Purchase Story

Documented Embroidery from the Misses Patten School in Hartford, Connecticut, Returns Home

After a more than 200-year absence, a rare and important silk-embroidered coat of arms has returned home to the Oliver Ellsworth Homestead in Windsor, Connecticut, thanks to the generosity of a descendant of its maker. Crafted in 1801 by Delia Ellsworth (1789-1840), the youngest daughter of Oliver Ellsworth (1745-1807),1 while attending the Misses Patten school in Hartford, Connecticut, the needlework embroidery and its original frame are an extraordinarily well-documented example of Hartford schoolgirl art from the Federal period.

The Needlework


The Wolcott Arms, by Delia Ellsworth, 1801.

The subject of Delia’s embroidered needlework is “The Wolcott Arms,” the coat of arms of Connecticut’s renowned Wolcott family, and Delia’s initials “DE” are prominently stitched in script into the bottom of the embroidery. According to Ellsworth family tradition, Delia created the embroidery in honor of the family of her mother, Abigail Wolcott Ellsworth (1755/6-1818), daughter of Abigail Abbott and William Wolcott, nephew of Colonial Connecticut Governor Roger Wolcott.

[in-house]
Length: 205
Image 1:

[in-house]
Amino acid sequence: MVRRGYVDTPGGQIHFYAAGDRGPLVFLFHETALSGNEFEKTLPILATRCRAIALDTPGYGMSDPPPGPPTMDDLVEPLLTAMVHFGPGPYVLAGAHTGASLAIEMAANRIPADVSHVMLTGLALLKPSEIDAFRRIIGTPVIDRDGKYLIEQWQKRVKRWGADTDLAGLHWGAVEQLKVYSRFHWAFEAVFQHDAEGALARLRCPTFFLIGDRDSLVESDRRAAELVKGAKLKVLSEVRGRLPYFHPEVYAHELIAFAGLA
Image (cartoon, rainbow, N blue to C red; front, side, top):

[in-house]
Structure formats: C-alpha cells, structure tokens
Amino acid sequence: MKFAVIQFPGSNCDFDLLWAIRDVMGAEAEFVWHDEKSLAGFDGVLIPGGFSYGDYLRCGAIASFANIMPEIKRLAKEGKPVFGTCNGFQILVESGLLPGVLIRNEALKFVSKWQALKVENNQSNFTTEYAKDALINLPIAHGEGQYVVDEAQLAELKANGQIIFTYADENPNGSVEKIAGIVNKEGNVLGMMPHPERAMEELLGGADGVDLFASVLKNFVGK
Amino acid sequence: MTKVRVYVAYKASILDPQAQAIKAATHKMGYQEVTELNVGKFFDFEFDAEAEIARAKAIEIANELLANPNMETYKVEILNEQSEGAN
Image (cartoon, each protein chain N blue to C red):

The embroidery reflects many characteristic features that have been attributed to the Misses Patten painting and embroidery school for young ladies that operated in Hartford, Connecticut.2 “At the Patten school, pictorial subjects or coats of arms were often surmounted by a gold or silver raised-work eagle above a swagged garland suspended from spangled bow knots in the upper corners. The central motif was often partly encircled by palms or fronds with golden, bearded ears of wheat.” 3 The Patten school was operated by sisters Sarah (1761-1843), Ruth Jr. (1764-1850), and Mary (1769-1850) Patten, assisted by their mother, Ruth Wheelock Patten (1740-1831).4 The Patten school reportedly educated a large number of young ladies between 1785 and 1825.5 Based upon the above characteristics, a number of embroidered coats of arms and pictorial subjects have been attributed to the Patten school.6